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W. Va. Murders Linked to Crack Dealing
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W. Va. Murders Linked to Crack Dealing


W. Va. Murders Linked to Crack Dealing

W. Va. Murders Linked to Crack Dealing
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Police believe the recent murders of four teenagers in the small city of Huntington, W.V., are linked to crack cocaine dealing the city. Dan Heyman of West Virginia Public Broadcasting reports.


This is DAY TO DAY. I'm Alex Chadwick.

In Huntington, West Virginia, people are laying to rest four teen-agers shot to death early Sunday morning just a few hours after two of the victims left their high school prom. One of them's already been buried. Funerals for the other three take place today and tomorrow. Police think these killings are linked to Detroit drug dealers who sell crack cocaine in Huntington. From West Virginia Public Broadcasting, Dan Heyman reports.

DAN HEYMAN reporting:

The bloodstains have been scrubbed off the sidewalks on Charleston Avenue, but cars drive past number 1410 to look at the flowers left on the spots where each victim fell. Next-door neighbor Michael Thomas found the bodies after being jolted awake by dozens of gunshots.

Mr. MICHAEL THOMAS (Huntington, West Virginia, Resident): I had rolled over on my son. My son had got into bed with me, and I had rolled over on him because it sounded like they were shooting in my room. Saw two people laying here in the driveway. Every time I look in the yard now I see dead people.

HEYMAN: Police say it's the worst killing here in at least a generation. Huntington, population 50,000, averages about six murders a year. But early Sunday, Dante Ward, Eddrick Clark, Michael Dillon and Megan Poston were shot in front of the house Ward was renting. Huntington police Captain Steve Hall says they suspect a group of out-of-town drug dealers.

Captain STEVE HALL (Huntington Police Department): There's literally dozens of individuals that are in the greater Huntington area dealing crack cocaine.

HEYMAN: Police and neighbors describe all four teens as good kids. And, in fact, Poston and Dillon had just been to their high school prom together. Police won't say if any of the teens were involved in drugs. Hall does say Dante Ward was the actual target, but he doesn't know why.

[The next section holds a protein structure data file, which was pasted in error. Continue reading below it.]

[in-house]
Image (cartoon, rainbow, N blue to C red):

Capt. HALL: The information we're getting is that apparently Dante was the intended victim. Why was he picked as the victim? What kind of problems he had with the individuals from Detroit--I'm not going to speculate on because we just don't know at this time.

HEYMAN: Police believe the other three were killed because they saw who shot Ward. Back on Charleston Avenue, most people won't talk for fear of retribution. But privately, many of the neighbors who've come to tend the makeshift shrines also blame the Detroit drug dealers. David Wade II lives nearby. He says he knew the victims and played little league football with them as a kid. Wade says the outsiders are ruining his home.

Mr. DAVID WADE II (Huntington Resident): The people that's coming here--You know what I'm saying?--they can do stuff like this and go on away, you know? And then no one will ever figure out what happened exactly. They shouldn't be--it shouldn't be going on like that, man. They need to leave; that's all they need to do.

HEYMAN: The block has the feel of a quiet, working-class area--a solid row of simple, red-brick houses and small apartment buildings. Many of the racially mixed residents seem to know each other well and call out greetings from their front porches. But over the last two years, they say, the neighborhood has gotten rougher. Eighty-eight-year-old Emma Jordan has lived here for more than 40 years. She says a few weeks ago an old friend had to move.

Ms. EMMA JORDAN (Huntington Resident): She was one of my best neighbors. And things got so bad down there on the corner. You know, just loud and everything. And I think she got about half afraid--she was by herself--and she moved. And I was glad for her the other night.

HEYMAN: No arrests have been made, but police have questioned 15 people, 11 of them from Detroit. Several are still being held on other charges. For NPR News, I'm Dan Heyman.

(Soundbite of music)

CHADWICK: I'm Alex Chadwick. Back with more DAY TO DAY in just a moment.

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